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What is trauma? What causes it?

“Trauma is the experience of abject powerlessness when something is threatening our life or sense of integrity. It can also occur when we witness this happen to a close one, and we experience vicarious trauma.” — Jane McCampbell Stuart, trauma therapist and coach

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Health care professionals are still relatively new to understanding trauma - only in 1980 was Post Traumatic Stress Disorder (PTSD) first acknowledged as a mental health disorder, mostly recognized in war veterans.

Anyone who has experienced discrimination due to gender, sexuality, ableism, poverty, or race, has also possibly had traumatic events occur related to oppression. We have been made to feel like we don’t belong. Similarly, it is now recognized that anyone who has been diagnosed with a life threatening disease and gone through treatment such as surgery or chemotherapy, has also likely experienced trauma. 

Trauma is messy. When a person experiences trauma, they experience it with their whole self. Every aspect of who a person is changes the way they experience a traumatic diagnosis or event. The experience can be made better or worse depending on a person’s race, gender, level of disability, class, and many other factors. When a person comes from a group that isn’t the mainstream and they are diagnosed with a serious illness, they may experience something called intersectionality. 

Intersectionality occurs as two or more layers of adverse, fundamental experiences. Being non-white, LGBTQIA+, and  diagnosed with a life altering disease are examples of three layers of intersectionality. 

Imagine having a diagnosis of cancer. Now, imagine you are also a transgender man. When your health care team uses incorrect names or pronouns despite correction, it is clear either they are not listening or they do not respect their patient. It can be traumatic to be unseen both physically and emotionally by your health care team. If this situation resounds with you, know that you are not alone. We can set boundaries with our health care team even during treatment. 

Intersectionality can compound layers of trauma - it often becomes bigger, messier, and harder to cope. For some, it can be impossible to avoid compounding layers of intersectional trauma. However, it is possible to acknowledge your unique experiences, and begin the healing process.  

A key part of treating trauma is open discussion about how pervasive it is. We can reduce the stigma of carrying the burden silently. It's advantageous for everyone to recognize where we've had adverse experiences, and how that impacts our immediate reactions in the present. We're glad you're here even considering your own trauma.

Trauma from a Patient's Perspective

Our Brain and Body

Our brain's natural process of creating patterns both protects us as well as leads to traumatic reactions. To help understand why, we could also ask the question why don't animals in the wild develop symptoms of trauma or post traumatic stress disorder after daily life threatening events?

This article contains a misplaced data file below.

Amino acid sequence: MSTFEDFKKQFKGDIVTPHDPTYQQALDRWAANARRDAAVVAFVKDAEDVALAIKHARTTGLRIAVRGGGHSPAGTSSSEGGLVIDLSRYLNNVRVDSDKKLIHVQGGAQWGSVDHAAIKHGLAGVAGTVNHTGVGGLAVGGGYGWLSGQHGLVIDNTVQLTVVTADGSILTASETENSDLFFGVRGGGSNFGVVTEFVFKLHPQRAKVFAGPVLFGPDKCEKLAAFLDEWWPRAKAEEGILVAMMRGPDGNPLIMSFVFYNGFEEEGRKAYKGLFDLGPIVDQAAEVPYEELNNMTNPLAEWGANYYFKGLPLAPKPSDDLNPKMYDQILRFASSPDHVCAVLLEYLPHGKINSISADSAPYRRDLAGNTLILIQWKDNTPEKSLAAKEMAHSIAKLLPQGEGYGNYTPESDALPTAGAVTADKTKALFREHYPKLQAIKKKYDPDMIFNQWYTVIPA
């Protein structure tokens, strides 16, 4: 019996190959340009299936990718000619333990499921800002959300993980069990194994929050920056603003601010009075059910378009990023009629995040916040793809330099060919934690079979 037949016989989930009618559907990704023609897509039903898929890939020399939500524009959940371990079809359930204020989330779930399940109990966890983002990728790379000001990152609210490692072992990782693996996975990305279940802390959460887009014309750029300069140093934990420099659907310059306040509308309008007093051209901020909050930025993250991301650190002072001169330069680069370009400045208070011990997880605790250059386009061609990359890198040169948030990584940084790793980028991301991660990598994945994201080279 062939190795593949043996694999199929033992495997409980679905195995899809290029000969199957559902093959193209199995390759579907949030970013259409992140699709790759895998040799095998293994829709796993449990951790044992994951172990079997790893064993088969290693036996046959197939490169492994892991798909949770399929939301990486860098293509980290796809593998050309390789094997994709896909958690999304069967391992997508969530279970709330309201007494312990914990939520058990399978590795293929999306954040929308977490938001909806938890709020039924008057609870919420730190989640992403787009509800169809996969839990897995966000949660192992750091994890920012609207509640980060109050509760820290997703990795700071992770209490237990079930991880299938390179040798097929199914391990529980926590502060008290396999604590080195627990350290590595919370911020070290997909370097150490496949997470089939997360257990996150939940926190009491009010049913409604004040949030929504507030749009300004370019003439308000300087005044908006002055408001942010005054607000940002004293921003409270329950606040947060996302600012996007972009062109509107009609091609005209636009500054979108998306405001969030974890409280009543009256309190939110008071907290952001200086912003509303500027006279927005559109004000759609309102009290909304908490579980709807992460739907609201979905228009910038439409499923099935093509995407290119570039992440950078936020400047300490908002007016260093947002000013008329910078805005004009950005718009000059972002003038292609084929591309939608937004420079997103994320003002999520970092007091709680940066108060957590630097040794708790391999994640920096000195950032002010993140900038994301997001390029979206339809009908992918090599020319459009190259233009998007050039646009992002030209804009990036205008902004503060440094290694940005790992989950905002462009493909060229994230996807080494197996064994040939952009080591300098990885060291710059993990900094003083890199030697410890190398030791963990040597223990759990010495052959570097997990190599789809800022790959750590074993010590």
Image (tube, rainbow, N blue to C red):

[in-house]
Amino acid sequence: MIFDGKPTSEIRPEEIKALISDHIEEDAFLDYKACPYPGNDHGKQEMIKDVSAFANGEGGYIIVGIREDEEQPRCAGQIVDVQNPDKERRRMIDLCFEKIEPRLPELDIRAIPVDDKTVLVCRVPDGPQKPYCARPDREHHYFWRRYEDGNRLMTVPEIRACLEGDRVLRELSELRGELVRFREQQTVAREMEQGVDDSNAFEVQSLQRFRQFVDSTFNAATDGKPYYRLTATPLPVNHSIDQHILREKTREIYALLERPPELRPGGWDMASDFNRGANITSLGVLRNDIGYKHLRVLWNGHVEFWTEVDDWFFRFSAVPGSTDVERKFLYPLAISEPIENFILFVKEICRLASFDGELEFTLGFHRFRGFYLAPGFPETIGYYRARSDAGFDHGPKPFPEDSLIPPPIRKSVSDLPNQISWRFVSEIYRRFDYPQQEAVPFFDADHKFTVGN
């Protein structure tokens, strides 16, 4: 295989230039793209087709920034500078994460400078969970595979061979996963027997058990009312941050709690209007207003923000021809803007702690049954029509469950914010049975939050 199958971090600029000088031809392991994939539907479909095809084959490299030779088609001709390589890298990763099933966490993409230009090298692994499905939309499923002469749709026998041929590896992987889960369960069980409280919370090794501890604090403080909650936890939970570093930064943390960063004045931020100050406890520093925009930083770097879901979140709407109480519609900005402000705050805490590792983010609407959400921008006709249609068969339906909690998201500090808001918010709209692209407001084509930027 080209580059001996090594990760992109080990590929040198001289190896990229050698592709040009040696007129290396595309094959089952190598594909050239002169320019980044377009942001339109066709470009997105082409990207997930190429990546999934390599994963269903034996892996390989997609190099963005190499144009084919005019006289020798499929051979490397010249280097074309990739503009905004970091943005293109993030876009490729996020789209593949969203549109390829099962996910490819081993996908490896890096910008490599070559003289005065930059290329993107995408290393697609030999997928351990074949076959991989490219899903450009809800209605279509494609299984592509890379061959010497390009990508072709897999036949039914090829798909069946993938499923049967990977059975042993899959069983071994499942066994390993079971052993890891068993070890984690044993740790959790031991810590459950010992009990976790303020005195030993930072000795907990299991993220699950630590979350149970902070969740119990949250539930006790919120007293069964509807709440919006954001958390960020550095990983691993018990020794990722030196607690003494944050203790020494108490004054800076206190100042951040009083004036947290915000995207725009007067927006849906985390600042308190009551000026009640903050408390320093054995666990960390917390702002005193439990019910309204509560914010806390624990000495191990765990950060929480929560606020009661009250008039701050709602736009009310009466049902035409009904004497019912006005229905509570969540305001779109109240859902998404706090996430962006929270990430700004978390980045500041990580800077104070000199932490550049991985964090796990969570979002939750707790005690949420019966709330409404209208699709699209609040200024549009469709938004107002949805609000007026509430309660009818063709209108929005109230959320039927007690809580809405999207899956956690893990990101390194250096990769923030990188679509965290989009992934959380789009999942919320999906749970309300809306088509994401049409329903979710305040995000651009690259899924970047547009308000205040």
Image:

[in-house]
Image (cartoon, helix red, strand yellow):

The answer lies in the anatomy of our human brain. We have an advanced prefrontal cortex which pulls information from all over the brain into the control tower for us to make decisions based on our senses. The prefrontal cortex is the center of our cognition, language, and conscious thought. Our brains are fascinating - one advantage of an advanced prefrontal cortex is the ability to interrupt our natural instincts. It is unnatural for us to sit still for long amounts of time, but our conscious brain lets us interrupt the instinct to get up. So when we experience fight, flight or freeze - often times we actively suppress our instinctive reaction.

Frontal lobe A large part of this lobe is the prefrontal cortex Behavior, impulse control, and memory Temporal lobe Hearing, feelings, comprehension Brain stem Pain, breathing, temperature  Parietal lobe Language, sensory input, touch Occipital lobe Sight, processing color, form, and motion Cerebellum Coordination, balance, voluntary movement This is relatively well protected from trauma compared to the frontal and temporal lobes and brain stem.

Animals usually lack this sophisticated prefrontal cortex. When they're scared or their life is threatened, they can run and hide. They can fight. They can follow their instincts. After an animal has removed itself from a situation, they tremble and crouch. They feel the traumatic reaction as survival hormones flood their system. They stay in that moment until their body has processed the danger is over. The trembling helps let go of any residual survival energy. But we humans don't always have the luxury to run away, hide, or otherwise. Sometimes the residual survival energy ends up stored in our body as a result of when we interrupt our instinctive responses. 

This is why integrative trauma treatment should address the brain and body. Trauma is body based first because we experience physiological sensations after a traumatic event.

So it’s not only emotion based. It’s not "all in your head." It actually is in your body. So, let's treat it that way. Learn more about integrative practices to help cope with trauma.

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